A new method of measuring shoulder hand behind back movement: Reliability, values in symptomatic and asymptomatic people, effect of hand dominance, and side-to-side variability
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Shoulder hand behind back (HBB) range of motion (ROM) is a useful measure of impairment and treatment outcome. The purpose of this repeated measures study was to identify inter- and intra-rater reliability, of a new simplified method of measuring HBB ROM. Two experienced raters measured HBB ROM with a bubble inclinometer on 25 people (aged 42–75 years, 14 female) with unilateral shoulder dysfunction and 25 age- and gender-matched asymptomatic subjects on two different occasions. Statistical analysis included calculation of intra-class correlation coefficients (ICCs), minimal detectable change (MDC), standard error of measurement (SEM), Pearson correlation coefficient (r), coefficient of determination (R2), and the lower bound score. Mean HBB ROM was 108.6° (SD = 16.3) and 23.9° (SD = 10.5) on the pain-free and symptomatic side, respectively. Both intra-rater and inter-rater reliability were high (ICC > 0.80). For asymptomatic people the SEM was at most 3° and MDC was 8° with a strong correlation between the dominant and nondominant sides (r > 0.72). The mean absolute values and lower bound scores were at most 10.2° and 26.0°, respectively. These results indicate that this new and novel method of measuring HBB ROM is accurate, has good inter- and intra-rater reliability, and provides normal values for between-limb ROM variability.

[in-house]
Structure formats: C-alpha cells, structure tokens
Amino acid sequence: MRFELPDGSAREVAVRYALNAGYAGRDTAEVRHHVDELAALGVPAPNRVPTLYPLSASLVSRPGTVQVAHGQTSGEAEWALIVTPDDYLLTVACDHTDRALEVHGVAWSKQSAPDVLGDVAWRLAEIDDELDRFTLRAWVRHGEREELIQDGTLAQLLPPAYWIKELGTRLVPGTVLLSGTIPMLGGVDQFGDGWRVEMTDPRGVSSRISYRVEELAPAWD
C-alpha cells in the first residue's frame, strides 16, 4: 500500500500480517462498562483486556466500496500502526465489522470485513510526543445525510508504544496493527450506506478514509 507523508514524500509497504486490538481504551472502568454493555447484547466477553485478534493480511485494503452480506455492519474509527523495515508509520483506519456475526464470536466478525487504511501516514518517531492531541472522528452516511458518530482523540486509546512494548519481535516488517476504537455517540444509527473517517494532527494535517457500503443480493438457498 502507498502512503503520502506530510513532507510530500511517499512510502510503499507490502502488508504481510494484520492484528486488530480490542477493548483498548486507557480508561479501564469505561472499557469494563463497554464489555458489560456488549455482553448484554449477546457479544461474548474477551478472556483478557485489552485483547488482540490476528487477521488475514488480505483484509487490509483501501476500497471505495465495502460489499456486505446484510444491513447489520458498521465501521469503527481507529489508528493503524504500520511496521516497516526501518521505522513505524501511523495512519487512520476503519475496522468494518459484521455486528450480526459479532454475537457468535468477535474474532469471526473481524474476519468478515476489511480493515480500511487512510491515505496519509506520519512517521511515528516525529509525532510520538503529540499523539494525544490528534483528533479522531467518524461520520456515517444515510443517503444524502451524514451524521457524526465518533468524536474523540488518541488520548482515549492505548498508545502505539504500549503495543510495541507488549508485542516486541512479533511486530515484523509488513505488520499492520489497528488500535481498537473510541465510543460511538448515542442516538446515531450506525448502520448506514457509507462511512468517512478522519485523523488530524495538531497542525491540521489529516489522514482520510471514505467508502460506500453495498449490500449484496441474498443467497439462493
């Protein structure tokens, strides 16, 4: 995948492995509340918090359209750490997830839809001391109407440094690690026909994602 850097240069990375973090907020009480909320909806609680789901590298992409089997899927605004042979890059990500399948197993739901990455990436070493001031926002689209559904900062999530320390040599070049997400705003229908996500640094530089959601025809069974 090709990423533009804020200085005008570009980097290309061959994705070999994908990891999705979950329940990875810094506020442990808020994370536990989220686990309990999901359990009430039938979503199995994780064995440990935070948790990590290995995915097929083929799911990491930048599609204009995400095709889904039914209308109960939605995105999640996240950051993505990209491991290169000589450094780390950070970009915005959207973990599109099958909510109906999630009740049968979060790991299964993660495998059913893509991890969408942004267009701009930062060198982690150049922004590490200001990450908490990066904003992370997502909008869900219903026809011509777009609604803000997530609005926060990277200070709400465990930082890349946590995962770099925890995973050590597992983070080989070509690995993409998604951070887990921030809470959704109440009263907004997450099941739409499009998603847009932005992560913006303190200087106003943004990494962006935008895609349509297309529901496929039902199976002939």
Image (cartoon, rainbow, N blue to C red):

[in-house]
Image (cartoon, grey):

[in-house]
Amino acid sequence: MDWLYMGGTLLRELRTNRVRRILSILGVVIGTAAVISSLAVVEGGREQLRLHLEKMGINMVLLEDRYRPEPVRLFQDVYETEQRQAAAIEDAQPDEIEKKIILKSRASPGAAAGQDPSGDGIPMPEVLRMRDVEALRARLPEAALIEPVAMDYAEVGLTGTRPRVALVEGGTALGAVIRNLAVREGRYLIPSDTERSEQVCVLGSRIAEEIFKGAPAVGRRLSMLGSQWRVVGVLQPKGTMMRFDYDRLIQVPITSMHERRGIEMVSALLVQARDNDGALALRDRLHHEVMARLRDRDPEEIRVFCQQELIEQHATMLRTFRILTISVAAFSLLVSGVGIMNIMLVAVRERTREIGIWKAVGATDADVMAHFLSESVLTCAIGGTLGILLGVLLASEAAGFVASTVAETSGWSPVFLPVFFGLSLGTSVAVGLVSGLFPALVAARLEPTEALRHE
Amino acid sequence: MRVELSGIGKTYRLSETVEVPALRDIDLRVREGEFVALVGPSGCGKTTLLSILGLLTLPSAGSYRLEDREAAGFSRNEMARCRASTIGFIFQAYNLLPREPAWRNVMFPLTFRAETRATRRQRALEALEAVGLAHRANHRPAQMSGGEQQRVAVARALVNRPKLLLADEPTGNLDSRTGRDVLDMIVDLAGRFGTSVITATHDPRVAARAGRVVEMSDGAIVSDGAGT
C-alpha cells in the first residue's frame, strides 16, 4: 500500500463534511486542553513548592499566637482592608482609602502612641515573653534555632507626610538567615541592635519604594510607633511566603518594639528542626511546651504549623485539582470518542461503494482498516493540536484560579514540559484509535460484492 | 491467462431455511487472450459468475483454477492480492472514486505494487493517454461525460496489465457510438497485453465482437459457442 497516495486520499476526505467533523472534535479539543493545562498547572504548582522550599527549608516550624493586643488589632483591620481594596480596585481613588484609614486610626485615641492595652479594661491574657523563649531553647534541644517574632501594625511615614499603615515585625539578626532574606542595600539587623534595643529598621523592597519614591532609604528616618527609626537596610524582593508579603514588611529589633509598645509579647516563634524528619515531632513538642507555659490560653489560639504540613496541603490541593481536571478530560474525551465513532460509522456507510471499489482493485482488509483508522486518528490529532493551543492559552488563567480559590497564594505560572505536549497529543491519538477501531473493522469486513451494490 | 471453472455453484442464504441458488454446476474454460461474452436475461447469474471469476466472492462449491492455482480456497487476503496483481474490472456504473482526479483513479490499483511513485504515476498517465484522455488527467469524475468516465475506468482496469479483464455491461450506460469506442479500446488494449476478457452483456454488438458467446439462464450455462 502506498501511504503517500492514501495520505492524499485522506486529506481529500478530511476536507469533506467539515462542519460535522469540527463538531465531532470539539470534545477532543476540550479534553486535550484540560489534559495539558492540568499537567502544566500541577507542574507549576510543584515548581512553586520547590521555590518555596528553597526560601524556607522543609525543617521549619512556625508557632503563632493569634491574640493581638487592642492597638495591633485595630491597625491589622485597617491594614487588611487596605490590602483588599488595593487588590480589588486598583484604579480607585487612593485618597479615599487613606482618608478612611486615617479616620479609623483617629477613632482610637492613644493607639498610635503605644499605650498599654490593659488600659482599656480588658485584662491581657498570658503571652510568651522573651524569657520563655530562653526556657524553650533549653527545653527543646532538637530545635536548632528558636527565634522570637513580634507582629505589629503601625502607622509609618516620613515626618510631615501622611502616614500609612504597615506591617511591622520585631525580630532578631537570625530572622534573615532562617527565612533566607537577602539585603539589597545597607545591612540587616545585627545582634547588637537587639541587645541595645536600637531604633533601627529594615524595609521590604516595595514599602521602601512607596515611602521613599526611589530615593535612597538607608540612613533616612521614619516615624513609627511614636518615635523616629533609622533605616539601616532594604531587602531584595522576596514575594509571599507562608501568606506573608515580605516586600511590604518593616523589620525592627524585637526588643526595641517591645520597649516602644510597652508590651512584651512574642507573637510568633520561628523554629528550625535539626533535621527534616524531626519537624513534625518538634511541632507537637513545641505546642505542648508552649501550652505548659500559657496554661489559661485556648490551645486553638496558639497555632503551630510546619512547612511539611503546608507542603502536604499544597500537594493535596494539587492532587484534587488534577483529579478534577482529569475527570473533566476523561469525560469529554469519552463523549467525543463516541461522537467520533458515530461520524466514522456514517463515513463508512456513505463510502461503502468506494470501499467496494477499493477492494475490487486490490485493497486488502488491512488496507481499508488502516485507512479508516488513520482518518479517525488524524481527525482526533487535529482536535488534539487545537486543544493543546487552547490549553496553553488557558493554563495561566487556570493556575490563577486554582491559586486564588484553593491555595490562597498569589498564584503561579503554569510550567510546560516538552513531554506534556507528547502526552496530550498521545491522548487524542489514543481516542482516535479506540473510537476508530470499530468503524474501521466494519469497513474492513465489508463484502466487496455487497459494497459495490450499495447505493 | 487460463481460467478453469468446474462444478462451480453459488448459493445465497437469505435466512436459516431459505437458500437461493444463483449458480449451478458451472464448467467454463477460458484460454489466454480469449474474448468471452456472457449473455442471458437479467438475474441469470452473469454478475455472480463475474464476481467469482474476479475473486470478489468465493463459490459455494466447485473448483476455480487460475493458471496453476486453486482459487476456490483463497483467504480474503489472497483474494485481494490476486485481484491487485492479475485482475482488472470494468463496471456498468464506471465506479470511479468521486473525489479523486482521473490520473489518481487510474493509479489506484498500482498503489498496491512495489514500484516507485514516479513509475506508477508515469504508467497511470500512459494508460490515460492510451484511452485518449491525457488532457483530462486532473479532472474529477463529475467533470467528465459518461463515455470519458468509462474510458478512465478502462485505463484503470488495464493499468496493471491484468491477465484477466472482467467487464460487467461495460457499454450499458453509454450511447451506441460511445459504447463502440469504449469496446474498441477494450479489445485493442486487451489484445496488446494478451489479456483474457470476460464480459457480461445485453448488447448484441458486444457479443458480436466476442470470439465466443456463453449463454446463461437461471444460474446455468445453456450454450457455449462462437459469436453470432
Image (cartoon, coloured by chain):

This is an Author's Original Manuscript of an article published by Taylor & Francis in Physiotherapy Theory and Practice on 12/09/2016 available online at http://www.tandfonline.com/10.1080/09593985.2016.1222041
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